A Reporter Took Aim at Kelly Clarkson’s Weight and She Fired Back With Class – and Pretty Much the Best Response EVER

Did you catch what happened to Kelly Clarkson earlier this month? She was fat-shamed by a British journalist who said it looked like she ate her back up singers! Yikes! Can you imagine how hurtful that would be to read? But, KC handled it so gracefully; I had to write her a letter of applause. Here goes:

 Dear Kelly Clarkson:

 Wow. I know what doesn’t kill you makes you stronger, but, wow! You did such an amazing job defending yourself against that British bully, Kate Hopkins. Her modus operandi is fat-shaming and she chose you as her next victim –  on Twitter, no less.

kelly clarkson fat shaming tweet

Those words. Ugh. They were beyond insensitive. I can’t fathom what it’s like to have your weight headline the news. Unless you count that stalker-like guy in college, I’ve never had anyone watching and waiting to catch me on an off day. The pressure you are under to fit a certain image must be intense. But it seems you refuse to let that stress be your dictator. You break away.

 You go, girl.

 Truth is, Kate’s rude tweets say something broader about you, about me, about her, and even about body image. Her snarky comments reveal how much we struggle to see each other’s value.

 I wonder exactly what measurements Ms. Hopkins deems appropriate for you? What happens if you cross that line and become thinner than she prefers? It’s a lose-lose. But, you can never really win when you are trying to please others, can you?

 Thanks for rising above all that. And, thanks for recognizing that life is not a beauty contest.

 Even the fairest-of-us-all struggles. One only has to read the tabloid headlines (scattered beside those air-brushed photos) to confirm that. How can anyone think it’s okay to cast judgment on another’s appearance? We’re all in this thing called life, together. We each have our battles to fight, our victories to celebrate, and our losses to mourn. Size two or size twenty-two, we aren’t qualified to say what life feels like in someone elses jeans.

 And, in these unfair assessments, we miss something really important. Whats on the outside tells only a fraction of the story. A book critic cant review a book by only assessing its front cover. How can we possibly discover another womans value by looking only at her BMI?

 It seems you get that, Kelly. You really are Miss Independent.

 We need more women like you who are willing to be real-women who understand that life causes size fluctuations and that’s okay. My own weight goes up and down. Thats normal.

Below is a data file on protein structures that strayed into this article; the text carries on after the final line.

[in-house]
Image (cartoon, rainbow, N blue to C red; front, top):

Yet, culture shouts its recommendation at a deafening level: Make sure no one ever sees that hormones, and babies, and toddlers who wont nap, and preschoolers who use Sharpies on freshly painted walls take a toll on your body. Spend thousands at cosmetics counters, the plastic surgeons office, or on lingerie so tight it causes Irritable Bowel Syndrome so no one will see the impact.

 It’s so silly how we bow to what we are told we should look like. Thanks for not doing that.

 Women of all body types and sizes looked down at the scale this morning. Many believed that number declared more about them than their gravitational pull alone. You affirmed the opposite.

 “That’s because she doesn’t know me. I’m awesome! It doesn’t bother me. It’s a free world. Say what you will.”  You confidently announced to the press.

 And that’s simply awesome. Because of you, more women will feel empowered to release the stigma that they are what they weigh.

 I hope they caught your other words, too. Personally, I got the warm fuzzies because they’re words I also say. You told Peoplemagazine, “When the focus isn’t on you, it changes your perspective.

 Can we do a virtual high five on that one?

 You are so right. We’ve got to take the focus off of ourselves.

 Your discovery was that focus on others (specifically your family, including sweet baby River Rose, and congrats by the way) gave you a break from the self-improvement rat race.

I’ve been on a similar journey. Ultimately, I found my freedom from body image bondage by turning my focus away from my own mirror, and growing more in an understanding of my Lord and Savior, Jesus Christ. When I stopped looking at my thighs and turned my eyes towards Him, my identity no longer depended on the opinion of others.

 I know you are the original American Idol so I guess it only makes sense that you’d be a great role model for all of us moms. Thanks for not engaging in a catfight with that meanie on the other side of the pond, and instead, showing us how to hold our own. You’ll always have a special spot in my heart (and on my workout playlist) for that.

 Yours Truly,


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Heather Creekmore
Heather Creekmore is a speaker, writer, mom and pastor's wife from Texas. She writes about her struggle with body image at Compared to Who and she would love for you to join her on Facebook as well.